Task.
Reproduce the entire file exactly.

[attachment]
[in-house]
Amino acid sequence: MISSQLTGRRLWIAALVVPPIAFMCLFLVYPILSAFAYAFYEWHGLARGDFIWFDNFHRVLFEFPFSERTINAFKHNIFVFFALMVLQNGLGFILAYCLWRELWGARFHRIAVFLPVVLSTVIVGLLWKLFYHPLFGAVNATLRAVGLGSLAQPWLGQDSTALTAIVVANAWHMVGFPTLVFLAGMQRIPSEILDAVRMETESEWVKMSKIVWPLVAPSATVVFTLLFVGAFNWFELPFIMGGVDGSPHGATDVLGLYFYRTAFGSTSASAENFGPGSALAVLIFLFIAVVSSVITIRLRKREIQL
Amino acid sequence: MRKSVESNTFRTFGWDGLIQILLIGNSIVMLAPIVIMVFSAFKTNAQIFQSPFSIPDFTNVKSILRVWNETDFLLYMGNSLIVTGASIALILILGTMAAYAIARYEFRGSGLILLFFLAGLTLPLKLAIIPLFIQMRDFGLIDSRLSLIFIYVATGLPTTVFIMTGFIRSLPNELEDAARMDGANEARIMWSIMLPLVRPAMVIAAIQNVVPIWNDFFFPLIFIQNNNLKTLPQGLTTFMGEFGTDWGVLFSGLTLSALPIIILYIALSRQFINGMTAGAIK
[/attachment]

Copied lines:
[in-house]
Amino acid sequence: MISSQLTGRRLWIAALVVPPIAFMCLFLVYPILSAFAYAFYEWHGLARGDFIWFDNFHRVLFEFPFSERTINAFKHNIFVFFALMVLQNGLGFILAYCLWRELWGARFHRIAVFLPVVLSTVIVGLLWKLFYHPLFGAVNATLRAVGLGSLAQPWLGQDSTALTAIVVANAWHMVGFPTLVFLAGMQRIPSEILDAVRMETESEWVKMSKIVWPLVAPSATVVFTLLFVGAFNWFELPFIMGGVDGSPHGATDVLGLYFYRTAFGSTSASAENFGPGSALAVLIFLFIAVVSSVITIRLRKREIQL
Amino acid sequence: MRKSVESNTFRTFGWDGLIQILLIGNSIVMLAPIVIMVFSAFKTNAQIFQSPFSIPDFTNVKSILRVWNETDFLLYMGNSLIVTGASIALILILGTMAAYAIARYEFRGSGLILLFFLAGLTLPLKLAIIPLFIQMRDFGLIDSRLSLIFIYVATGLPTTVFIMTGFIRSLPNELEDAARMDGANEARIMWSIMLPLVRPAMVIAAIQNVVPIWNDFFFPLIFIQNNNLKTLPQGLTTFMGEFGTDWGVLFSGLTLSALPIIILYIALSRQFINGMTAGAIK